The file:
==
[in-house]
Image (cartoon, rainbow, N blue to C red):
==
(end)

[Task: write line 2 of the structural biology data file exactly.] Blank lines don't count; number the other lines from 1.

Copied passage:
Image (cartoon, rainbow, N blue to C red):